We need a hero
Marcus Rashford challenged the British Government to do better, and it did. Using his profile as a star footballer for Manchester United and England, Rashford spoke out on the plight of disadvantaged children who would go without because of the economic pressure the coronavirus pandemic placed on their families.
It was not too long ago that Rashford was one of those kids who looked forward to breakfast clubs and free school meals to supplement what could be provided at home.
So when tone-deaf Boris Johnson announced in March that meal vouchers would discontinue during the summer as usual for more than one million children from low-income backgrounds, Rashford sprang into action, lamenting that “the system isn't built for families like mine to succeed”.
Apart from raising £20 million (about $24.7 million) to supply three million meals through an independent charity, the 22-year-old appealed on social media and in an open letter to MPs for a government reversal on this ill-advised policy.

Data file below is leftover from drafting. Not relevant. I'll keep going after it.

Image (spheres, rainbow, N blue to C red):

It worked and he is now viewed as a national hero.
Rashford is not the first sportsman in Britain to use his station in life for a greater good.
Contemporary Raheem Sterling, the Manchester City and England forward, has been particularly outspoken about racism in football. And he would feel his persistent advocacy has been justified by the rise of the Black Lives Matter movement, which has swept the Western world in the wake of the murder of George Floyd by a Minnesota police officer.
Bermuda could use a Marcus Rashford or Raheem Sterling right now.
Our children are in trouble, they are hurting and they are angry.